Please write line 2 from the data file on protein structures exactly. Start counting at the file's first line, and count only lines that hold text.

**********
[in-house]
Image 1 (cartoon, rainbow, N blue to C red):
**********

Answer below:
Image 1 (cartoon, rainbow, N blue to C red):